The idea that writing cannot be taught is a more sophisticated version of the emptied-out pseudo-romanticism pervasive in our society: the assumption that everything one needs is inside one, that thought is the enemy of creativity and of feeling in general, that self-awareness is antithetical to art. As Ann Lauterbach has put it, “There’s a familiar split in the notion of what a creative act is. That split, in our culture, involves an idea of creativity as being natural and expressive: a poet has no need to have thought about anything in order to make a poem; the enemy is the analytical. This is a long-standing divisive space, certainly within the academy but also in the culture at large.” But self-awareness, the capacity to step back and analyze not just the world but oneself, is what defines us as human, and art is the material embodiment of that self-awareness, of the capacity to separate oneself from one’s immediate existence and see it as if from the outside. In that regard, art and science, often conceived of as opposites, have a great deal in common: both are about not taking for granted things as they appear, neither the world nor oneself, about investigating and exploring the universe rather than simply existing in it, about delving through the surfaces of things to understand their true workings. Things are not always what or how they seem, and we are among those things.
In English departments there is little or no attention paid to contemporary literature, except for that literature which can be scrutinized (as distinct from being actually read) as a social symptom, minority and women’s literature for the most part. (I must add, though, that as a black gay man who has taught at three different universities and been a student at several more, I have never encountered the caricatured straw institution so prevalent in right-wing anti-academic screeds where minorities are pandered to and Hopi chants are taught instead of Shakespeare.) In most creative writing programs, only contemporary literature is read, and there is a pervasive neglect of the literature of the past (especially of anything written before the twentieth century) among both students and faculty, who tend to consider it irrelevant or even (if they are a bit more intellectually hip) oppressive. This is not to say that individual students may not make efforts to educate themselves, but they are rarely given any context or structure in which to do so, or any incentive for their efforts.
In creative writing courses and programs, student writing is too often expected to emerge from the vacuum of inspiration (a vacuum too easily filled with prepackaged formulations and received ideas, from popular music, television, and movies, among other sources). The intention of the writer is conflated with the intention of the poem, because no other context is provided or produced for the work: thus the role of the creative writing teacher is simply to facilitate the student in finding and perhaps refining his or her own voice. This voice, like the self it stands in and expresses, is assumed to be pre-existent, needing at most to be shaped and developed. (This is a recent and socially constructed notion of selfhood and subjectivity, one that would have been alien, for example, to Shakespeare.) Each student brings an idiosyncratic and haphazard canon and set of assumptions to the class, basing his or her ideas of poetry on what he or she happens to have read or to have heard on the radio (for many students, popular music lyrics are their main model of poetry). Rarely have they read enough to have made informed choices among the possibilities of writing practice or to have questioned choices made solely on the basis of “what I like.” I have heard creative writing instructors say that they specifically exclude outside reading from their classes in order to focus on student work, as if that work came forth with no connection to anything else that had ever been written.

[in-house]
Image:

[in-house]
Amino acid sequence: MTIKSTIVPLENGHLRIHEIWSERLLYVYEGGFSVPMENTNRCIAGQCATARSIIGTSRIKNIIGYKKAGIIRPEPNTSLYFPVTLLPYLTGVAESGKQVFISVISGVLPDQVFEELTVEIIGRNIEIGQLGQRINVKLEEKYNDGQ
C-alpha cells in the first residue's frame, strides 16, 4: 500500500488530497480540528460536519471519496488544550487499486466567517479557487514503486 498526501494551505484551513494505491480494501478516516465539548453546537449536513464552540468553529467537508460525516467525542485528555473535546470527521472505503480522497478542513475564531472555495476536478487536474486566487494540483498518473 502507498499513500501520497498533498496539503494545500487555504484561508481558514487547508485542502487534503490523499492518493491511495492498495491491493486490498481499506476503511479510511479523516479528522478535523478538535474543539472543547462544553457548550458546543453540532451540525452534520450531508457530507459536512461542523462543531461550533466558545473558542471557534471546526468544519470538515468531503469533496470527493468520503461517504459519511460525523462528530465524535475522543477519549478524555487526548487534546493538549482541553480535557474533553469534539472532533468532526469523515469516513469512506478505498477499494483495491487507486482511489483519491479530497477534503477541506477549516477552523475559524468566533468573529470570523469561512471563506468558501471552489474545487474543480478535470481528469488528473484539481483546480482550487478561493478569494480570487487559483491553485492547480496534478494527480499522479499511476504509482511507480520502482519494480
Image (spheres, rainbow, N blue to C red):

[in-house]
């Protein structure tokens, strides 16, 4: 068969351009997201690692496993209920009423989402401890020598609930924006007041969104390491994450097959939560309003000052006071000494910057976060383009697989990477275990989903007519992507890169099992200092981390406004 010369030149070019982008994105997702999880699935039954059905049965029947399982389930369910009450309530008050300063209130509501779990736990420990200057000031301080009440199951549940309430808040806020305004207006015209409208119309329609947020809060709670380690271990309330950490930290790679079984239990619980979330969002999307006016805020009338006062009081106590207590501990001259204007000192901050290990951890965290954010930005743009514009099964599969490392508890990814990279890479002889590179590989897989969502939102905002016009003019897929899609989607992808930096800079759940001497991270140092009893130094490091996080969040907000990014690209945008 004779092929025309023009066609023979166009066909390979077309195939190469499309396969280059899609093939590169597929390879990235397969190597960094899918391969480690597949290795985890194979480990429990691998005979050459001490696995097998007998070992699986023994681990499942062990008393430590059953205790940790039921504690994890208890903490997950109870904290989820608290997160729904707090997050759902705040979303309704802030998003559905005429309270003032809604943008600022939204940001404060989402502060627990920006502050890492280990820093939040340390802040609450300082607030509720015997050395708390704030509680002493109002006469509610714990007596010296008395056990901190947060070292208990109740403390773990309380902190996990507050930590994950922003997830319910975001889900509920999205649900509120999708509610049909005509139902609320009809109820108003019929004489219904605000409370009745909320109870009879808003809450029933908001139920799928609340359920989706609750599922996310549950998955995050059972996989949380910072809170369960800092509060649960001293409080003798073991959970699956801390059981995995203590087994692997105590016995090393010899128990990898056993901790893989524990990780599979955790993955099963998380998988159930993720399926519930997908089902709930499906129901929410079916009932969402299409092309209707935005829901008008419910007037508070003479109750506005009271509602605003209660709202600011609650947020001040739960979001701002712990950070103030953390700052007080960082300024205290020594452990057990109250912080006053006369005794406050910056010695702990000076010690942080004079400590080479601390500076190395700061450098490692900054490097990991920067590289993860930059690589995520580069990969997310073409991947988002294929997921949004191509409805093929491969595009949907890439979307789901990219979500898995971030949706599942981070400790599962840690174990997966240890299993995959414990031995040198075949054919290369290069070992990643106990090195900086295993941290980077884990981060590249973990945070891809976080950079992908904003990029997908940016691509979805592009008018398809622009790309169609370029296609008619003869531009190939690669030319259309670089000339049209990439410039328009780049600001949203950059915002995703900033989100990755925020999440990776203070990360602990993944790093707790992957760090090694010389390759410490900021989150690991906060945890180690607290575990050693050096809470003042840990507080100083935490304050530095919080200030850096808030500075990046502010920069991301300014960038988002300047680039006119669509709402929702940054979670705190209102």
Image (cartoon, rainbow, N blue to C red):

The unacknowledged assumptions underpinning both student reading and student writing (the reification of taste, the valorization of sincerity, the enshrinement of self-expression) block the development of each individual’s writing, leaving students in cul-de-sacs inescapable precisely because they are invisible. Even students engaged in experimental modes tend not to have read anything outside those modes, any of the work that led up to or even negatively instigated that work. Moreover, they are frequently unwilling or unable to recognize what is still radical (in both senses of the word) or experimental about writers like Sir Thomas Wyatt or Christopher Marlowe, should they take the occasion to read them. Many young writers’ conception of “the experimental” seems a concoction of received ideas about “language” poetry (as if other kinds of poetry were made of something other than language) and an attenuated romantic notion of idiosyncratic individualism. Thus such writers are often also ignorant of and uninterested in the historical and intellectual underpinnings of those modes, seeing them only as matters of style. Anti-intellectualism and an indifference to literary history are rife among both mainstream and avant-garde writers.